The amount of account frauds filed in 2014 accounted for 4% of cases and dropped by just over a third compared to 2013. This appears to be a continuing downward trend where 2013 say a drop of 16% compared to 2012. Tighter controls and increased account monitoring implemented by organisations could be having a strong deterrent effect. In addition, the increased ease with which consumers can control and access their own accounts through online and mobile banking and text alerts, may be discouraging employees from attempting this type of fraud. Employees who are going to commit this type of fraud may therefore be choosing to target more elderly or vulnerable customers who are more likely to be using the traditional methods of banking. 

Unlawful obtaining or disclosure of personal or commercial data
Whilst the number of these cases has always been lower compared to other fraud types apart from account fraud at 7% of cases, these cases need to be viewed in the context that one single instance of data disclosure can have huge effects, not only on the organisation but also on customers and other members of staff. Filings relating to commercial data theft have always been the lowest with only one filed in 2014. 

Organisations and membership have consistently reported that whilst they believe these frauds are occurring, it is very hard for them to prove the case and gain the appropriate evidence to enable them to share with others. Staff awareness is an important part of any internal fraud prevention policy but with frauds involving the obtaining and disclosure of data, understanding the human element is key. 

The highest reason for filing under this fraud type was disclosure of customer data to a third party, with the next being fraudulent personal use of customer data. This is a continuing trend from 2013. This data can be extremely valuable and has the potential to be used for far more frauds once it has been harvested and subsequently placed in the wrong hands. 

Reporting of cases
Whilst all of the cases filed on the Internal Fraud Database must be of a standard where they could be reported to the police, there is no obligation to do so. In 2014, only 15% of the 751 cases filed were reported to Law Enforcement and only 3% went on to court. This is a drop in Law Enforcement reporting compared to 2013 which was just under a quarter of cases. It is not always going to be possible to gain criminal convictions due to the resources of the police and the time organisations have to complete police reports. Relying on DBS checks is not therefore not going to be a sufficient mechanism on its own to prevent fraudsters entering a company.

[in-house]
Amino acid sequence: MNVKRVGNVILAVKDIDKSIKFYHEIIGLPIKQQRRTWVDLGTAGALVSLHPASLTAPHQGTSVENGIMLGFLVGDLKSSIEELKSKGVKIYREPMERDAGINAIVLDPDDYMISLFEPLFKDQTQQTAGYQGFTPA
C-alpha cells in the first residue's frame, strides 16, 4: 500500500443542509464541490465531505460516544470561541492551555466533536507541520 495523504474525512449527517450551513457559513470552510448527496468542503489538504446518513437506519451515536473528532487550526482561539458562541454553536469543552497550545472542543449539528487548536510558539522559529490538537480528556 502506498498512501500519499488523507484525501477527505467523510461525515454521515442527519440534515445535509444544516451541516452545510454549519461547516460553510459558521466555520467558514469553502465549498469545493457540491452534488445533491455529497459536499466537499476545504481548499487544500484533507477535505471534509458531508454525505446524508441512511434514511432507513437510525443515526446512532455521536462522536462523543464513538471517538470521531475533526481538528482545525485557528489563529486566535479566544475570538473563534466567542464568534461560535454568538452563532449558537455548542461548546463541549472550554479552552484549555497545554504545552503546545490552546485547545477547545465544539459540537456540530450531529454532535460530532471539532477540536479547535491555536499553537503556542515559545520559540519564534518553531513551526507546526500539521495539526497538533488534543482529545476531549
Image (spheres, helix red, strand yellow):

In summary, the number of cases being filed at CIFAS is increasing with the threat coming from both prospective and current employees. To help mitigate these risks, it is vital to have a fraud prevention strategy which includes staff awareness and education, strict access controls, and collaboration across all sectors to help share experiences and warn of known serial offenders. 

NHS Protect
Nicole McLaughlin is the area anti-fraud specialist for the South East and provides advice, guidance and direction in matters relating to counter fraud arrangements within NHS health bodies, particularly to Local Counter Fraud Specialists (LCFS) and Directors of Finance (DOF). Main elements of this work comprise developing and promoting an anti-fraud culture, supporting deterrence work, prevention detection, supporting LCFS in their conducting of investigations, promoting the application of a full range of sanctions and promoting the pursuit of redress. 

Nicole talked about how NHS Protect deals with fraud within the NHS and highlighted some recent cases that made the national press:
 

  • ‘Manchester practice manager jailed for £150K fraud’
  • ‘GP Practice Manager jailed for £350K theft’
  • ‘Medically unqualified clinical director ordered to pay £250K to NHS’
  • ‘Former NHS Director jailed for CV lies’
  • ‘NHS Financial analyst and four accomplices jailed for conspiracy’


NHS Protect works predominantly on using two pieces of legislation:   

Fraud Act 2006

  • Section 2 – Fraud by false representation (eg. lying about the number of hours worked)